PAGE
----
If you’re one of those people who doubts that he has platformed vaccine misinformation, or that he has displayed a clear bias on the issue, you really should become a paid subscriber and read my recent post on Joe Rogan, which contains a section titled “Does Joe Rogan Spread Misinformation?” In fact, you don’t even have to be a paid subscriber to read it. I actually made the public an offer regarding that post, and it still stands: just tell me you want to read that post, and I’ll forward it to you, for free, with no strings attached. All you have to do is respond to this email and tell me you want to read the Rogan post. A few people took me up on that offer when I first made it, and it remains open to anyone on this list. If you’re actually curious about that issue and have not listened to his podcast much or at all, it’s worth your time. Maybe, if you like it enough, you’ll decide it’s worth becoming a paid subscriber! In any event, you won’t be able to complain that I offered you no evidence that Rogan is spreading misinformation about COVID vaccines.
So yeah: Rogan is spreading dangerous misinformation. Just how dangerous it is, I can’t say. Just how many people have been convinced or confirmed in their decision not to get vaccinated, as a result of listening to Rogan and his crank guests, I can’t say. But I believe it’s beyond question that he has influence, and I’ll soon explain why.
BuT wHeRE aRe tHe sTUdIeS?!?!1!
Before I present my argument, let me address one of the common ways people try to argue that Joe Rogan has no effect on vaccine uptake: by issuing demands that I “prove” that Rogan indeed does have an effect, apparently through “data” and “studies.” These people seem to think that “scientific studies” are the only way that I can prove that Joe Rogan certainly has an effect on some people’s decisionmaking process when it comes to the vaccines. If this is your position, I mean you no personal offense when I tell you that this is really just sophistry. The fact is, nobody is ever going to do a “study” regarding whether Joe Rogan’s podcast had a but-for effect on people’s decision not to get vaccinated. And if anyone tried to conduct such a study, it would necessarily resort to measures that many sensible people find unreliable, like self-reporting. Trying to do a statistical analysis of some sort would be complicated immensely by the fact that correlation does not equate to causation. After all, many elements of Rogan’s audience might gravitate towards his podcast because of their skepticism about vaccines.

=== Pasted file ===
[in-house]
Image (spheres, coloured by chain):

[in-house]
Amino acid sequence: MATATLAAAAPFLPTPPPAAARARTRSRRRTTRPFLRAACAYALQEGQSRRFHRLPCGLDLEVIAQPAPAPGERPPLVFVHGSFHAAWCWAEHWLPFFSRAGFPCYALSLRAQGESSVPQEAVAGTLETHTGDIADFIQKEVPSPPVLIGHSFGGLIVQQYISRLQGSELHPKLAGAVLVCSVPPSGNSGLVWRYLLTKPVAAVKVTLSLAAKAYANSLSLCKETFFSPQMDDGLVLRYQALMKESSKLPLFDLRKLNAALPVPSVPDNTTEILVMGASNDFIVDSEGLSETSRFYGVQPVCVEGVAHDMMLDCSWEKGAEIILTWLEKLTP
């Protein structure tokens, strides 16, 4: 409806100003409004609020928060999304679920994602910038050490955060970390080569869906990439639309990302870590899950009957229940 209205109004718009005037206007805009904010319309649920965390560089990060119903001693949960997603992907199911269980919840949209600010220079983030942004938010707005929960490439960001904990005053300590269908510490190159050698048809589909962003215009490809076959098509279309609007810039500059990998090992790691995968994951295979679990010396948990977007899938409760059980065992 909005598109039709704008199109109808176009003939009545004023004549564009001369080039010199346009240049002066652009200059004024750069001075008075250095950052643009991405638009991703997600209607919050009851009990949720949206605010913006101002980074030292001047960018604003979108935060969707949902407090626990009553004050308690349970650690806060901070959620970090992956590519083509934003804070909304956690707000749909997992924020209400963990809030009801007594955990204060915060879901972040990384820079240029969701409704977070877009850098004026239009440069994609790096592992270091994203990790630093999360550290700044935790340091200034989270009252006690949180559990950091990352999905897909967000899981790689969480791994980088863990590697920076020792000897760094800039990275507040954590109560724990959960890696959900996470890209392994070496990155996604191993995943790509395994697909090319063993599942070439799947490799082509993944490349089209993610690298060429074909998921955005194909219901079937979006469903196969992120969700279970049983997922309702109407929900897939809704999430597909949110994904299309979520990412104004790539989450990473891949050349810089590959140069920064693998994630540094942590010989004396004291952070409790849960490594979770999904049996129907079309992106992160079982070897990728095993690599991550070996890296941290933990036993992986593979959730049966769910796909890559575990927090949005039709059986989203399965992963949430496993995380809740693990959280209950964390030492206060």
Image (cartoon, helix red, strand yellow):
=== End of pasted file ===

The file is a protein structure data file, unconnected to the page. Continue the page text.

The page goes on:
Does that mean the issue is unknowable? I don’t think it does. Again, we can’t know to what extent Rogan influences people, but there is a common sense argument available that all but proves that he influences some people. The reason has to do with how f[vowel omitted]cking big his audience really is.
You Probably Have Not Thought About Just How Big Joe Rogan’s Audience Actually Is
I think it's easy to miss just how large an audience 11 million people really is. I think the following question really helps drive it home. What if I were to ask you how many Joe Rogan fans will likely commit suicide in the year 2022? Before moving on to the next paragraph, ask yourself: what would your gut tell you? Close your eyes and muse upon the subject before you read on any further. See if you can come up with an answer. Zero people? One or two? A handful? Don’t read the next sentence until you have your own answer.
What was your answer? Well, given that I am asking the question, you’re probably guessing higher than you otherwise would. Maybe you guessed a dozen? As many as twenty? Surely it can’t be that high!
Here’s the surprising answer: statistically, about 1500 or so of Joe Rogan’s listeners will kill themselves in 2022. If you don't believe me, look up the numbers and run them yourself. In 2020, “[t]he provisional number of suicides was 45,855, compared with 47,511 in 2019, the CDC said.” (The number was lower during the pandemic, oddly enough.) Pick 45,000 out of 330 million people as a good round number. It’s about .01%. For 11 million people, the number is roughly 1500. Another site says that “[t]he age-adjusted suicide rate in 2019 was 13.93 per 100,000 individuals.” 11 million people is 110 times that number, or 110 multipled by 13.93 = 1532. Any way you slice it, it’s about 1500 people. Given that Rogan’s audience skews young and male, the number of 2022 suicides among his audience will likely be more than the approximately 1500+ that statistics tell us will commit suicide every year.